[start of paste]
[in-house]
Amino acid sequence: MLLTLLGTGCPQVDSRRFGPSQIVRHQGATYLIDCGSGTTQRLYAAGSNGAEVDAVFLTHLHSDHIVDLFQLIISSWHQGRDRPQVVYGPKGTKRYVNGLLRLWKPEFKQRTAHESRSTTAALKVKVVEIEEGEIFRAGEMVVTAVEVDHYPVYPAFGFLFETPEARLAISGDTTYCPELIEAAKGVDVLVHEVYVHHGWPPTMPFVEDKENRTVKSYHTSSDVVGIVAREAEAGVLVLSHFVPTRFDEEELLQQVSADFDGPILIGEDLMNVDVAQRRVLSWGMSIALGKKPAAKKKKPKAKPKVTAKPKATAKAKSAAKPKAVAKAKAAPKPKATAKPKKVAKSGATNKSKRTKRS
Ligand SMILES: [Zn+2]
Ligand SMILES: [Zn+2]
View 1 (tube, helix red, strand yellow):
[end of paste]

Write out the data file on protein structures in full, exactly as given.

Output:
[in-house]
Amino acid sequence: MLLTLLGTGCPQVDSRRFGPSQIVRHQGATYLIDCGSGTTQRLYAAGSNGAEVDAVFLTHLHSDHIVDLFQLIISSWHQGRDRPQVVYGPKGTKRYVNGLLRLWKPEFKQRTAHESRSTTAALKVKVVEIEEGEIFRAGEMVVTAVEVDHYPVYPAFGFLFETPEARLAISGDTTYCPELIEAAKGVDVLVHEVYVHHGWPPTMPFVEDKENRTVKSYHTSSDVVGIVAREAEAGVLVLSHFVPTRFDEEELLQQVSADFDGPILIGEDLMNVDVAQRRVLSWGMSIALGKKPAAKKKKPKAKPKVTAKPKATAKAKSAAKPKAVAKAKAAPKPKATAKPKKVAKSGATNKSKRTKRS
Ligand SMILES: [Zn+2]
Ligand SMILES: [Zn+2]
View 1 (tube, helix red, strand yellow):